Why Millennials Are Increasingly Choosing Self-Employment

We’re not exactly sure why millennials have a bad rap, because research results continue to prove that the stereotypes labeling people born between 1980 and 1996 as “lazy” and “entitled” are wildly untrue. Most recently, we came across a study that reminds us why young people are perfectly suited to champion non-traditional career journeys and explore entrepreneurship while staying dedicated to their work .

According to new research conducted by accounting software company FreshBooks in conjunction with Research Now for its second annual Self-Employed Report , almost half of the 27 million people who will become independent workers within the next two years will hail from the millennial cohort. This is a notable change in the workforce, as the number of Americans who work for themselves is projected to reach 42 million people by 2020. Mike McDerment, the co-founder and CEO at FreshBooks, further explains why this shift is something to pay close attention to. “The data suggest that over the next two years the number of self-employed professionals in the US could triple,” he notes, using the sample of 2,700. “Whether or not the change occurs at this pace, it’s clear the mindset of the American worker has shifted, with significantly more people aspiring to work for themselves versus holding a traditional job.”

In the midst of this changing mindset, millennials will also bring more educational experience to their freelance work, businesses, and independent ventures thanks to a higher rate of bachelor’s and master’s degrees than those before them — and though they may still have a skewed reputation, millennials factually make up the largest generational group in the US. Their desires for different things at work is making a real impact as more people choose to follow an independent path. Scroll on for three powerful draws inspiring the change.

1. Career Control: FreshBooks’ data suggests that the biggest motivation millennials have to set up shop or strike out on their own is autonomy — the ability to work on their own terms. While nine-to-five jobs may still feel like a secure and predictable path for some, independent work provides more freedom. This is a big draw and popular benefit for people who prefer to work outside of standard hours, across time zones, or while jet-setting to explore a different lifestyle from a remote location. A fifth of respondents went as far as to say that self-employment also makes switching careers easier, while 43 percent confirmed that working for themselves gives them more control and decision-making powers over their professional life. Heck yes!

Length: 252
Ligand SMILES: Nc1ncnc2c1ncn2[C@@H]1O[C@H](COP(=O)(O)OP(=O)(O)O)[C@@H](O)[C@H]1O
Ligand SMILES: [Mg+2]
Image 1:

2. Work/Life Balance : Wellness is so much more than a trending topic: Health is something millennials care deeply about. From learning how to be more compassionate and communicative to keeping in good physical form or fine-tuning the art of self-care , ambitious 20- and 30-somethings continue to express that the top of their priority list includes balance and feeling good each day. The FreshBooks survey validates these sentiments, showing that work/life balance is another reason to give self-employment a go; respondents noted that while important personal aspects like family planning and basic self-care are overlooked in many roles, cultures, and professional environments, self-employment makes these components easier to manage. Bye, burnout.

3. Personal Satisfaction: While striking out on your own can be ultra-rewarding, the FreshBooks research reminds us that being self-employed definitely comes with its own unique set of challenges, like finding staff or using data to guide business growth. Yet, despite difficulties, a whopping 97 percent of respondents say they have no desire to return to traditional work, while 71 percent of existing self-employed pros report satisfaction with their work. Though the research also states that close to two-thirds of participants between 50 and 65 report they’re looking to work longer rather than retire, the majority of millennials don’t complain about dedication; about three-fifths say they actually expect to work harder once they’re their own boss.


This article originally appeared on Brit + Co.

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